Open main menu

Small diameter Kevlar cord

The stake and guyline loops on my Big Agnes tent are starting to fray where they rub against the edges of the stakes. Putting the stakes with the point of the V facing toward or away from the tent makes no difference, I think it’s just what happens with very thin cord (2mm-ish) used to stake out a tent. So I’m thinking Kevlar is pretty abrasion-resistant, but probably also quite a bit more expensive if it’s even made in that size. I’ve seen 10m lengths of 1.8mm cord from MSR, but have no idea how durable it is.

I’ve used this tent maybe 10 nights in all, I think I can get 3-5 more nights out of these but would like to do them ASAP. Am I overthinking things and should I just use standard nylon cord that gets replaced once or twice a year? Or is Kevlar the better/more practical way?

https://dutchwaregear.com/product/reflect-it/

I have guylines I made from a hank of this stuff 4.5 years ago that are still in service.

Kevlar is fine for loops; I'm not a fan of it for guy lines because it's slick, hard to get knots to stay put. 

I replace guy lines with 2.75mm Sterling GloCord - nice to when they're easily visible with a flashlight to avoid inadvertent trip and falls.  (they also sell it in 1.5mm and 2mm if you prefer a lighter duty cord - i went with 2.75 because it's the lightest-duty line with the glow strips).  

Thanks, Andrew, I did not know that about Kevlar. I’ve found plenty of 1.18mm and 1.8mm nylon/nylon blend reflective cord, both will likely be just as hard to tie with my fingers and eyes so I guess I’ll goby the price LOL

I find various tensioning devices work well with small diameter nylon guy lines.  They speed up setting and crashing camp, and you don't need good eyesight or dexterous fingers to operate.  Especially convenient in cold weather.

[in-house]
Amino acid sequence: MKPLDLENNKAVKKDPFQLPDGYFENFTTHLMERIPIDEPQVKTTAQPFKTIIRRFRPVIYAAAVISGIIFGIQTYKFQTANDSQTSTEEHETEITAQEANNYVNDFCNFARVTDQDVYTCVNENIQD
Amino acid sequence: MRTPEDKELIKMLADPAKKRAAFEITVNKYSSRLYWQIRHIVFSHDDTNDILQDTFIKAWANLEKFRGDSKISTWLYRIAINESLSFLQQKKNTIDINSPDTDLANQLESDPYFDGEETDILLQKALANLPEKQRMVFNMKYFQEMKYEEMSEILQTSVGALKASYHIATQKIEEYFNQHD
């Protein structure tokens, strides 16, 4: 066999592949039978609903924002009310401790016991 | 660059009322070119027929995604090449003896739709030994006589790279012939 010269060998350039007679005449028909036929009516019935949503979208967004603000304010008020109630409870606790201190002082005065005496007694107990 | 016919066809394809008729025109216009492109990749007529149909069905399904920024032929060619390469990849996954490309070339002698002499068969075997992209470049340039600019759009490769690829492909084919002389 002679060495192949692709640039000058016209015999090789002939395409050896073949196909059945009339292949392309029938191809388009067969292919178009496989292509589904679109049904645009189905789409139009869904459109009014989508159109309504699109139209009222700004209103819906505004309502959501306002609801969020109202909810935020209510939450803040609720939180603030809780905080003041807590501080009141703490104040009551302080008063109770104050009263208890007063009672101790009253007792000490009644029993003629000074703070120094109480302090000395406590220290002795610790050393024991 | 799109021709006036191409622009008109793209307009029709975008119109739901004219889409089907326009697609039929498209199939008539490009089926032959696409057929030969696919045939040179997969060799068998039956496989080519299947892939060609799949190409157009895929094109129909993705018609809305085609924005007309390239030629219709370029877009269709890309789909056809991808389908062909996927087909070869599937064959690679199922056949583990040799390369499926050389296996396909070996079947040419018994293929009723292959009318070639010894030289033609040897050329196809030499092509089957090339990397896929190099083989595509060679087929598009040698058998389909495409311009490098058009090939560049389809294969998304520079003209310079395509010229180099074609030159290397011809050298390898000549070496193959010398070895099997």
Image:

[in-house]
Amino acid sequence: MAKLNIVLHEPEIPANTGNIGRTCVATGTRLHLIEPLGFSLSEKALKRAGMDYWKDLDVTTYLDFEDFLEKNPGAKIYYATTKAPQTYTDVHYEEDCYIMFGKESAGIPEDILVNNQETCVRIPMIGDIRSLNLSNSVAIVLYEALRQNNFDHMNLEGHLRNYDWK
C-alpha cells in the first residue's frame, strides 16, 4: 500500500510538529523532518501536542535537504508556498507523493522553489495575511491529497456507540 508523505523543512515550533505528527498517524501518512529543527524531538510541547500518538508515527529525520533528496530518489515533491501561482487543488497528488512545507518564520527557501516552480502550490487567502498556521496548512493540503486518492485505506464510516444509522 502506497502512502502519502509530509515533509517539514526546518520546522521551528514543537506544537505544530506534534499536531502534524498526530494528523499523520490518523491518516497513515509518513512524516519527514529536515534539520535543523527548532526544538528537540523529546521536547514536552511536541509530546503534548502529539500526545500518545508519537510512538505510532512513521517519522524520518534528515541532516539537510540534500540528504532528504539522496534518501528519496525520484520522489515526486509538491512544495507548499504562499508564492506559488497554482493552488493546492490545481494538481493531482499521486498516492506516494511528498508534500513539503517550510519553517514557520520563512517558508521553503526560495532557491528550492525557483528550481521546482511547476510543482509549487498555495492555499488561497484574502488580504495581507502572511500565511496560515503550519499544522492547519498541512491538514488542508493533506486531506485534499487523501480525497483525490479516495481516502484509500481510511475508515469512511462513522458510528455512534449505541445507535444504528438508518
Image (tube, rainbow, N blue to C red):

Ed.

6 of the guylines have tensioners that I’ll have to tie one end of the cord to, and they’ll all need knots where they attach to the tent, fly, and footprint. Maybe I can find a Boy Scout who knows a few knots (figure 8 should be fine) and who doesn’t have 52-year-old mechanic hands. Maybe forceps would work, too. 

Phil Smith said:

6 of the guylines have tensioners that I’ll have to tie one end of the cord to, and they’ll all need knots where they attach to the tent, fly, and footprint. Maybe I can find a Boy Scout who knows a few knots (figure 8 should be fine) and who doesn’t have 52-year-old mechanic hands. Maybe forceps would work, too. 

 https://www.trailspace.com/gear/dutchware/hookworm/#review39488

I keep the line tied to the stakes and attach a loop of shock cord to the tarp tie out points for hooking on to. Tension adjustment is fast and easy with no knots to tie or untie.

LoneStranger said:

I keep the line tied to the stakes and attach a loop of shock cord to the tarp tie out points for hooking on to. Tension adjustment is fast and easy with no knots to tie or untie.

 +1

My lines also are pre-staged.  A tensioning device is attached to each of the tie out points, with a line passing through the device.  the other end of the line has a loop facilitated by a pre-knotted slip knot.  All I do is drive the stakes, slip the end loops over the stakes and draw the guy lines taut using the tensioning devices.  When stakes can't be driven, I'll open the slip knot loop and slip over a dead man style anchor or large rock.  If can secure my tent wearing mittens, then surely even gnarled  mechanic's hands can muster the task with a similar setup.

Ed

Mine are pre-knotted, the problem I’m going to have is tying those knots at the tent and tensioners when I put the new lines on. Just tying my shoelaces can be a chore when my fingers don’t want to work. 

September 23, 2021
Quick Reply

Please sign in to reply